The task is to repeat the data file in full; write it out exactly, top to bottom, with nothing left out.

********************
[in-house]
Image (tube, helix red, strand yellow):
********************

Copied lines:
[in-house]
Image (tube, helix red, strand yellow):